Why use business processes to bring harmony to your ERP project?
In the previous chapter, we talked about the importance of business objectives for your ERP strategy. Now, it’s time to take the next step: which business processes are linked to those objectives – and therefore require extra attention in your ERP project?
For example: If one of the main objectives in a production company is to reduce manual labor (and therefor labor cost), it's very important to know which business processes require high manual interaction. Only when we know which those processes are, we can take a closer look to determine where additional automation is possible.
2 in 3*
ERP projects fail or take longer than expected because of inadequate preparation.
*Sources: Gartner, Panorama Consulting, Technology Evaluation Center
There are 3 reasons why you should take the time to map your business processes before diving into the practicalities of your ERP project:
- An ERP project is the perfect time to take a critical look at your processes.
Before implementing an ERP track, it’s important to go beyond the classic features and functions list. A major investment like this is a unique opportunity to take a critical look at your way of working – and to optimize it. Take out the false notes, if you will. Processes and times change, and what was most efficient yesterday might not be today – let alone tomorrow. So why not explore some new possibilities?
- By plotting your ERP strategy on your business processes, you gain valuable insights.
Did your company grow internationally over the past years? Perhaps there were some acquisitions? There are a lot of reasons why different departments might be out of sync. Whatever the reason - an ERP project is the perfect time to harmonize them and to introduce process thinking.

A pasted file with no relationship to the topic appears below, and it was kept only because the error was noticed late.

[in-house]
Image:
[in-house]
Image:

By thinking in processes, you automatically start thinking cross-departmentally – or even involve third parties. You look at the bigger picture and map your end-to-end flows. When doing this, it’s important not to get bogged down into the nitty-gritty of how things run NOW, but rather how they SHOULD run. And of course, it’s equally important to determine what is required to get them to run smoothly and create added value. Because ideally, process thinking doesn’t just bring potential issues to light – it also allows new opportunities to waltz in.
- Mapping your business processes allows you to see the impact of your continuous optimization
Mapping your business processes is not just valuable in the moment, but also down the line, for future optimizations. For example: if I replace (part of) a system, what processes are affected? And how much? With a process library, you’re never dancing in the dark again.
It also makes it easier to work together with partners and your own key users: having a clear view of your processes lets you share them, discuss them, create training material and of course, select the right ERP partner.
You don’t start an ERP project to test out a new ERP product.
So why do you?
- To work and collaborate more efficiently across departments.